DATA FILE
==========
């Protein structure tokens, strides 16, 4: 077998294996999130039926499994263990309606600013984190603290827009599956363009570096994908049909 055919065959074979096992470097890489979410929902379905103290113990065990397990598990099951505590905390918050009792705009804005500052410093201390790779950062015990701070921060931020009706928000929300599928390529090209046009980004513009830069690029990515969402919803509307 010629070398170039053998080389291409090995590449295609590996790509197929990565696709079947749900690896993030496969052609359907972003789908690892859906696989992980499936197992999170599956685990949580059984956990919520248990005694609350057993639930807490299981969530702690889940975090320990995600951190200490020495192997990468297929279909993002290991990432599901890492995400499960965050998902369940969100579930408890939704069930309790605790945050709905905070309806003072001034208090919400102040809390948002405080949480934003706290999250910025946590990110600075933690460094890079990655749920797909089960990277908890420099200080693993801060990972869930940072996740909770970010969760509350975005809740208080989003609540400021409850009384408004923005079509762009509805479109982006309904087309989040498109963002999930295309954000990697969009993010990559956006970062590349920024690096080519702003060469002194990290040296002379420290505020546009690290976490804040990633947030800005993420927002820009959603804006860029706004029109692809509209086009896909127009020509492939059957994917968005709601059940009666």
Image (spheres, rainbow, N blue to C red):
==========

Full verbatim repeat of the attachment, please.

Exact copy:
């Protein structure tokens, strides 16, 4: 077998294996999130039926499994263990309606600013984190603290827009599956363009570096994908049909 055919065959074979096992470097890489979410929902379905103290113990065990397990598990099951505590905390918050009792705009804005500052410093201390790779950062015990701070921060931020009706928000929300599928390529090209046009980004513009830069690029990515969402919803509307 010629070398170039053998080389291409090995590449295609590996790509197929990565696709079947749900690896993030496969052609359907972003789908690892859906696989992980499936197992999170599956685990949580059984956990919520248990005694609350057993639930807490299981969530702690889940975090320990995600951190200490020495192997990468297929279909993002290991990432599901890492995400499960965050998902369940969100579930408890939704069930309790605790945050709905905070309806003072001034208090919400102040809390948002405080949480934003706290999250910025946590990110600075933690460094890079990655749920797909089960990277908890420099200080693993801060990972869930940072996740909770970010969760509350975005809740208080989003609540400021409850009384408004923005079509762009509805479109982006309904087309989040498109963002999930295309954000990697969009993010990559956006970062590349920024690096080519702003060469002194990290040296002379420290505020546009690290976490804040990633947030800005993420927002820009959603804006860029706004029109692809509209086009896909127009020509492939059957994917968005709601059940009666």
Image (spheres, rainbow, N blue to C red):